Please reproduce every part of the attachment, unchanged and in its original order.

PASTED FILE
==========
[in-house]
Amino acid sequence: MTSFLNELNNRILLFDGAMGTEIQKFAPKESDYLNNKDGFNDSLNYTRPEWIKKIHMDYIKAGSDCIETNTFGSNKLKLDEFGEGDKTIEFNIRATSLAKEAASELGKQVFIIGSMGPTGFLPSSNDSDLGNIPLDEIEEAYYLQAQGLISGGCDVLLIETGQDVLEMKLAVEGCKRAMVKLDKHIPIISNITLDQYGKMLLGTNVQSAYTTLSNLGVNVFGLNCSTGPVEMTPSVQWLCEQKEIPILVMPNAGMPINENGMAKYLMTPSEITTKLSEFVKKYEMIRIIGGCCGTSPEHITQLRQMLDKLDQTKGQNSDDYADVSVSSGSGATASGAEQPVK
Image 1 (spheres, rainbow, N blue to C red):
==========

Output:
[in-house]
Amino acid sequence: MTSFLNELNNRILLFDGAMGTEIQKFAPKESDYLNNKDGFNDSLNYTRPEWIKKIHMDYIKAGSDCIETNTFGSNKLKLDEFGEGDKTIEFNIRATSLAKEAASELGKQVFIIGSMGPTGFLPSSNDSDLGNIPLDEIEEAYYLQAQGLISGGCDVLLIETGQDVLEMKLAVEGCKRAMVKLDKHIPIISNITLDQYGKMLLGTNVQSAYTTLSNLGVNVFGLNCSTGPVEMTPSVQWLCEQKEIPILVMPNAGMPINENGMAKYLMTPSEITTKLSEFVKKYEMIRIIGGCCGTSPEHITQLRQMLDKLDQTKGQNSDDYADVSVSSGSGATASGAEQPVK
Image 1 (spheres, rainbow, N blue to C red):